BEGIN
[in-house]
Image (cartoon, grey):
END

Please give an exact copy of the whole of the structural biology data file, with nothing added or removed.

[in-house]
Image (cartoon, grey):